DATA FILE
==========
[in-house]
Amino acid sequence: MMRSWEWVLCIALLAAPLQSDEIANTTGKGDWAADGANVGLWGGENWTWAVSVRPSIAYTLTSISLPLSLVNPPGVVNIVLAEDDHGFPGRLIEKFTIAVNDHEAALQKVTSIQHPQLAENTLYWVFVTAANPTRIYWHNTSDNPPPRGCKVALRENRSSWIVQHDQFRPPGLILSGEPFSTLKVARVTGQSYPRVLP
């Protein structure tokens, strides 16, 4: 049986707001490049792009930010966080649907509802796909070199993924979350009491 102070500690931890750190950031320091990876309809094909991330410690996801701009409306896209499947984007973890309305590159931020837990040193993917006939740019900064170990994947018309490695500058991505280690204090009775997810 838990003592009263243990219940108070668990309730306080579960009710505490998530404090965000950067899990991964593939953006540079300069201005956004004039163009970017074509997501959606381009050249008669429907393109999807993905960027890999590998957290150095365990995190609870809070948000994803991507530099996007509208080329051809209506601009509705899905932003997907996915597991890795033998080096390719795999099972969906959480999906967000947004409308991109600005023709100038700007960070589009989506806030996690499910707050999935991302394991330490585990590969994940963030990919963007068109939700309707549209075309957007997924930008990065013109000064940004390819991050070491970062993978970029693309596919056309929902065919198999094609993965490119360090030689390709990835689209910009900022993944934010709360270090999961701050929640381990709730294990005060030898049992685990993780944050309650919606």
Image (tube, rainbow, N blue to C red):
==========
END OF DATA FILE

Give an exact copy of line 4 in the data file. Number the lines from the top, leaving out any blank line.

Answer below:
Image (tube, rainbow, N blue to C red):